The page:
The formula is a simple tried and trusted layout that is particularly suited to day-tripping and entertaining with contingencies. The focus is on indoor-outdoor living with ease and acknowledgement that a change of mind is always on the cards. On a day boat, the galley is often lightly used, rather than have it as a barrier between indoor-outdoor interaction by putting it down from the helm simplifies the saloon layout, creating a fluid flow between the entertaining spaces. If you want a good support act for entertaining this galley can turn it up with size and usability. There’s a two-burner electric cooktop which is hidden away by the flush bench lid that lifts and holds on a gas strut. No bench space is lost when you fill in the sink too. Airconditioned, dish drawer, convection microwave and an upright domestic style fridge freezer meet the needs of the entertainer nicely.  

Catering to the escape artist and reluctant to return home, the HC40 has the gear to stay out and not come home for a few days. Water storage is 450 litres which is a little above average for this size and plenty for a few days of living aboard. Generous volume has been donated to the bathroom space, motivated by the desire for more convenience and practicality for both entertaining in comfort and catering to longer stays. Extra floor space in front of the vanity creates a convenient area to don the swimmers or change clothes for dining ashore in privacy. This arrangement also affords the shower cubicle more space enough for a full pirouette if you’ve got the balance.  I like the idea of this bathroom because in real boat usage it will be utilised a lot more than the forward cabin, so in my view the right choice. 


The flexibility of the space down below allow for flexibility of plans. If you have some extra bodies on board, there is extra space by way of the double berth under the forward part of the saloon and helm. Full-sized cosy spot amidships is accessed aft of the galley and will actually allow for very comfortable sleeping for kids or adults.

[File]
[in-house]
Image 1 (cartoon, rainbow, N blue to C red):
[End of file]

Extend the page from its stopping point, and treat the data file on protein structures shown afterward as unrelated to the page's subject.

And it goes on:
After feedback from customers, Whitehaven has made the main berth fully private, doors can close off the cabin if needed. To open it up one door opens fwd and then other aft. The forward opening one ensures access to the fridge is not inhibited when open. , there’s not much need for the doors considering its suited to the couples market, but it’s nice to have the option when more bodies do stay overnight.

The helm has a good view from the double seat, sightlines to the galley, and through the transom gate aft. The dash is laid out well, differing from the single-engine version we last reviewed is the inclusion of the joystick and the dual throttle controls. By combining the Volvo Penta IPS with Garmin Electronics, you get easy to operate and intuitive glass bridge system that allows the navigation and engine monitoring to be integrated into the multifunction display. You’ve also got easy to control digital switching thanks to the independent C-Zone control and intuitive automatic trim a recipe for opening up this boat to people with little or no experience to learn the intuitive operation quickly, especially with the training the team at Whitehaven provide their customers. 

If beauty is in the eye of the beholder, this design will entrance many who cast their eyes over it. The curves, the colours and the design exude a sleek and anti-traditional elegance that symbolises wealth and sophistication in a stunning yet subtle design. Summer afternoons, long weekends or coastal escapes board blending staying ashore at hotels and dropping the pick in secluded anchorages. Whitehaven has created a vessel that is made for couples, escape artists and people who enjoy hitting the salty road for their natural therapy.